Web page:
It can be seen that in the anti-nodal region (α = 0), the values of the energy gap for T = 0 K are included within the range from about 26 to 66 meV. Additionally, it should be emphasized that the mean value of the energy gap is equal to 46 meV, which corresponds well with the results obtained from (1).

Then, the attention has been drawn to the fact that with the increase of temperature, the values of the energy gap in the anti-nodal region virtually do not change. However, the function G(α) in the nodal area clearly decreases with the increasing temperature, which at the temperatures comparable to T , results in the closure of the energy gap in the surrounding of α = 45 °.

The results for optimal doping have been presented in Fig. 5.
Fig. 5

The circles represent the values of the energy gap for the angle α and the selected temperatures. The red line determines the average values of the energy gap. The yellow squares are the experimental values of the energy gap presented in the paper [30]. It has been assumed that p = 0.162

In the considered case in the anti-nodal region, the energy gap for T = 0 K takes the values from about 16 to 45 meV. Thus, the average value of G(0) equals to 30.5 meV. It should be noted that the above result agrees fairly well with the predictions based on the (1).

The theoretical results obtained for the optimal doping in this paper have been also compared with the experimental data obtained by using the angle-resolved photoemission spectroscopy (ARPES) method [30]. On the basis of Fig. 5, it is easy to conclude that the presented model correctly reproduces the results of the experiments.

3 Summary

The presented paper determines the values of the energy gap for the Bi2Sr2−x La x CuO6+δ (BSLCO) superconductor. A wide range of the hole concentration has been taken into consideration. The numerical calculations have been conducted in the framework of the theory, which assumes that strong electronic correlations are renormalized by the phonons.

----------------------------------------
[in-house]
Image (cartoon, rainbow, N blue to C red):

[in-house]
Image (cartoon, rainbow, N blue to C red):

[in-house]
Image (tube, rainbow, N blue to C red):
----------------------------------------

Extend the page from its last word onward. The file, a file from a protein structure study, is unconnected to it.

In the first step, it has been shown that the average value of the energy gap amplitude is particularly high in the underdoped region—due to the strong correlation between G(0) and the pseudogap temperature. However, no correlation between G(0) and the value of the critical temperature has been noted, which stands in the sharp contrast with the predictions of the classical BCS theory.

These observations have been quantitatively characterized by estimating the values of the ratios R G and \(R_{\mathrm {G}}^{\star }\). It has been shown that with the increasing hole concentration (p ∈ 〈0.127, 0.198 〉), the value of the parameter R G very significantly decreases from 32.98 to 7.98. On the other hand, \(R_{\mathrm {G}}^{\star }\) poorly responds to the change of the doping: \(R_{\mathrm {G}}^{\star }\sim 2.9\).

The undertaken analysis also allowed us to designate the dependence of the values of the energy gap on the wave vector. It has been found that the energy gap in the anti-nodal region is very weakly dependent on the temperature, even above the critical temperature. From the physical point of view, the obtained result means the existence of the pseudogap in the electronic density of states. It is worth noting that the positive effect of the temperature on the values of the energy gap can be observed in the nodal region, especially for the temperatures comparable to T .

The numerical results obtained for the optimal doping have been compared with the ARPES experimental data. The conducted analysis has proved that the experimental results can be reproduced with a satisfactory accuracy in the framework of the presented formalism.

Notes

Acknowledgments

Some calculations have been conducted on the Czȩstochowa University of Technology cluster, built in the framework of the PLATON project No. POIG.02.03.00-00-028/08—the service of the campus calculations U3.

Open Access

This article is distributed under the terms of the Creative Commons Attribution License which permits any use, distribution, and reproduction in any medium, provided the original author(s) and the source are credited.

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© The Author(s) 2014

Open Access This article is distributed under the terms of the Creative Commons Attribution License which permits any use, distribution, and reproduction in any medium, provided the original author(s) and the source are credited.

Authors and Affiliations

  1. 1.Institute of PhysicsCzȩstochowa University of TechnologyCzȩstochowaPoland